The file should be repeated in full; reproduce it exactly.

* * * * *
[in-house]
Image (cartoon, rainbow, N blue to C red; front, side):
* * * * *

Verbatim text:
[in-house]
Image (cartoon, rainbow, N blue to C red; front, side):